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Concordia limits Facebook

My school has throttled Facebook on the internal Ethernet LAN. Wow, that’s jargon. If you plug in on campus, you don’t get Facebook. If you’re wireless, you can hit Facebook all day.

Privacy/intellectual-property advocate Michael Geist, who’s coincidentally speaking at Concordia this week, thinks “this sends the wrong message to students.”

Facebook is more than just a popular social network. It can be a tool for advocacy and education as well as a mechanism for student groups to connect. Even if it wasn’t useful, this would still be wrong. Simply put, universities should not be in the business of blocking access to legitimate, legal websites.

First of all, it’s “Web sites” and I’ll go to my grave advocating that.

Secondly, Facebook is one of three nemeses in the computer lab in which I teach. The real wrong message for students is “don’t pay attention in class when you can chat and visit Facebook instead.” Concordia needs to ban instant messaging, too. Other than the fact that the student gets less out of class time, it’s just plain rude.

E-mail is an important tool of communication, and I bear no grudges toward that. Checking your e-mail during class is also rude, though. So is a cell phone going off.

Geist is right and wrong about Facebook’s utility for students. He’s right about the utility – rather, the potential utility, but he doesn’t consider immediacy in his criticism. Nothing appears on Facebook that a student can’t put off a few hours until at home.

In an ideal world, Concordia wouldn’t have to block access to Facebook on its computers. Nor would it have to use anti-virus software. And students would come to class to learn.

My agreement for blocking Facebook doesn’t exactly mesh with Concordia’s reasons for blocking it, but agree I do. The biggest downside to Concordia’s action is that now I can’t go to the 24 computers in my lab and tour the pages of those students who don’t sign out of Facebook.

3 Responses to “Concordia limits Facebook”

  • Here’s my comment on banning Facebook at Concordia… Ironically posted on Facebook.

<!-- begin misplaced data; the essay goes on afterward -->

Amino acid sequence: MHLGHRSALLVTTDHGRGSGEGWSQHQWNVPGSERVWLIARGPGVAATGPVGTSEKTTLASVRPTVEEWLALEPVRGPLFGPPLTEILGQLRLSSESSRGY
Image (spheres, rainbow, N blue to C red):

I’m responding to the claim Concordia made in the Gazette that they banned Facebook because of increased scams like phishing.

    “It’s not Facebook’s fault someone is impersonating Concordia.
    Students and staff should be made aware of how they can protect themselves, retain privacy online, and pick out the scams.
    Banning Facebook will serve no purpose but to make people more susceptible to scams in the future.”

  • ITA Laurie.
    By and large, students are not using Facebook in class for the purposes Geist cites. And if they want to use it as “a tool for advocacy ” or “a mechanism for student groups to connect,” I don’t think it’ll kill them to wait until class is over to engage in said advocacy/connection. It goes along with the whole culture of disrespect/entitlement among today’s students – I think Naomi Klein commented that they are “cruising, shopping, disengaged.” It’s just sickening, and must be really frustrating for somebody in your shoes.

  • Anonymous:

    Geist is right. It isn’t Concordia’s business, and it isn’t anyone else’s. For no reason other than the fact that Concordia students pay through the nose for everything, including that access. If students want to fail, for whatever reason (and dazed, they often do), that’s their problem, because the University isn’t paying their tuition. If Concordia were the students’ workplace, where they were being compensated for their time, it would be different, but my marks are my problem (and despite my facebooking, they’re in the 1st percentile.

    Are you under the impression that freedom (especially when I pay for it) consists in nanny-like restriction? If so, to to hell with you and the horse you rode in on.

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